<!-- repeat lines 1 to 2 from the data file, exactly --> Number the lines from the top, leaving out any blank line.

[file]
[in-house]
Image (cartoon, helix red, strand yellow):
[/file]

[in-house]
Image (cartoon, helix red, strand yellow):